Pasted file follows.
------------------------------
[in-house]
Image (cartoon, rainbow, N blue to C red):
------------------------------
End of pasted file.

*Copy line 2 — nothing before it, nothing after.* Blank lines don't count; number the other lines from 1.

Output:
Image (cartoon, rainbow, N blue to C red):